Meeting both business and personal demands has long been a juggling act for women entrepreneurs. Between the long hours, travel, meetings and employee and customer challenges, there’s little time left for personal needs. Still, leading a rich, well-rounded life is as essential to your business success as it is to your sanity.
We asked Canada’s leading businesswomen to tell us how they effectively manage work/life balance. Each issue we’ll bring you the tactics and strategies that help women grow their companies and careers, while still finding a little “me” time to help deal with the personal commitments of life.
Noreen Bevan is president of Summerlee Group of Companies, a Markham, Ont.-based company that provides office furniture procurement, move-management and relocation/installation services. Founded in 1981, Summerlee boasts revenue of $18 million.
Sometimes, it takes a little nudge from someone else to encourage a re-examination of an unbalanced lifestyle.
Back in the early ’90s, Bevan worked every day from 7 a.m. to 7 p.m. She was unhappy, admitting she’d sunk too much time into work in order to escape her troubled first marriage. When she met her second husband, Michael, in 1992, he urged her to take more time for herself. He ran his own company, says Bevan, and taught her a lot about keeping the business as business. “I realized that I didn’t have to be working that amount of time.”
Fifteen years later, she’s totally re-jigged her lifestyle. The goal of having a healthy work/life balance, she says, is “so your personal life and time for yourself and your business life are equitable, and to make sure that you don’t have any one thing dominating your life.”
For Bevan that means scheduling time for herself. Now, she’s out of the office by 5 p.m. on most days, except for Tuesdays and Thursdays, when she leaves early to keep her appointments with a personal trainer. “I have to leave by 4 o’clock, and everybody knows it. There are no excuses, I have to be there.” In addition to these two one-hour sessions, she schedules a cardio workout, usually on Saturday mornings. But she very rarely works during the evening or on weekends.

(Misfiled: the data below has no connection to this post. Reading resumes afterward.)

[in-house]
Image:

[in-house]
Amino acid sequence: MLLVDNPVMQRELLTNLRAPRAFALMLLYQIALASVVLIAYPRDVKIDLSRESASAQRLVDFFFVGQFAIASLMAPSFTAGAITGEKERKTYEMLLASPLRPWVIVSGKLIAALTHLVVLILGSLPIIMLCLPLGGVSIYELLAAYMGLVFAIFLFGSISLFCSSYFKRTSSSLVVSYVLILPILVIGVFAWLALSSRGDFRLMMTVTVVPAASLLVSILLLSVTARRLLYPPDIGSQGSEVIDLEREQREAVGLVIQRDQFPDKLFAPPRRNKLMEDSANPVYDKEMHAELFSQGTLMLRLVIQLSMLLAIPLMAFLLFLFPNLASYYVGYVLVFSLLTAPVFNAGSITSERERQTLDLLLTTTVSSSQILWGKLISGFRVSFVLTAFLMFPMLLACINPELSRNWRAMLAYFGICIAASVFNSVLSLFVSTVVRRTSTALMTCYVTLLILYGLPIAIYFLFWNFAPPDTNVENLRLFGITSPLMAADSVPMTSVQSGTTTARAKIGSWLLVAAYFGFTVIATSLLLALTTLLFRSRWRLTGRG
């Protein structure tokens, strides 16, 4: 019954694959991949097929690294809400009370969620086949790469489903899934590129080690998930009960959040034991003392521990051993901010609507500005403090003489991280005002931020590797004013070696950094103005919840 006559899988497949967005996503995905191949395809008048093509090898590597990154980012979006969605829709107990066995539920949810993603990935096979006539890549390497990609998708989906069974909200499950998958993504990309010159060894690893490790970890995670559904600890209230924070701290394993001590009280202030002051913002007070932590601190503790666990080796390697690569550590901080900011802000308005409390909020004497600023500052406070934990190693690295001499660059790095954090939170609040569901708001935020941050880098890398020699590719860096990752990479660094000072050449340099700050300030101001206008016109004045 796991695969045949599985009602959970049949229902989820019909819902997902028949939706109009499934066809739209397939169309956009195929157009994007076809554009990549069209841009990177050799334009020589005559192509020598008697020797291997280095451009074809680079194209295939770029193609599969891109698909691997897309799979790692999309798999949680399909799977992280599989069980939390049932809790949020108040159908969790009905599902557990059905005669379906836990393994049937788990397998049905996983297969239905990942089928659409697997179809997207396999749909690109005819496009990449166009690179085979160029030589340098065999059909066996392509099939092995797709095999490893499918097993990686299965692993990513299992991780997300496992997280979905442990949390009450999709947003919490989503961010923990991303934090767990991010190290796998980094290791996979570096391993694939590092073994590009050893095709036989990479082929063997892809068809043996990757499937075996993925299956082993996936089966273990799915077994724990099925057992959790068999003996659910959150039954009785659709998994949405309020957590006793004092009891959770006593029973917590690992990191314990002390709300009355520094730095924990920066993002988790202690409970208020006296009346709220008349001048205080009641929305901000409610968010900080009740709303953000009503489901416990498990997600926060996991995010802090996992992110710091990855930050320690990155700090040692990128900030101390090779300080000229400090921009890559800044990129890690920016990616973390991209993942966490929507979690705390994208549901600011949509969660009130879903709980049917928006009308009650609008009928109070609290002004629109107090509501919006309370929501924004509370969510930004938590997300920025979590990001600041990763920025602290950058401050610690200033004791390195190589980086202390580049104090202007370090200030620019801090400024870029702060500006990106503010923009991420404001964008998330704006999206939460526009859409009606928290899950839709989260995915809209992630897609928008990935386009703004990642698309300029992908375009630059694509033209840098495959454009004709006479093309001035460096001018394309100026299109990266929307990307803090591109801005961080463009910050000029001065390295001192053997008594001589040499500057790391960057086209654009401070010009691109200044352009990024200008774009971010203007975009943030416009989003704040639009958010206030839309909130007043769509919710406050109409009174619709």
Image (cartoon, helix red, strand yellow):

Physical fitness reduces the stress in her life. In addition to three workouts a week, Bevan enjoys road cycling. She and her husband plan semi-annual bike trips, spending a couple of weeks cycling through Europe each May and September. “We take our bikes and our panniers [bike luggage], and we ride out of the airport,” she says. “We love to be active, even when we travel and vacation. That’s what makes us happy.”
But now that Bevan has trimmed her working hours, how does she accomplish what she once did working 12-hour days? “You have to learn how to delegate, which is probably the hardest thing I’ve done,” she says. “Hiring the right people makes you feel comfortable that they care as much as you do with what’s happening in the business,” she says. To reduce her fear of letting go of control, Bevan advises building additional checks and balances into everyday procedures. Now, she can rest easy and still take time out for her personal life. “I’m confident with someone else running with it.”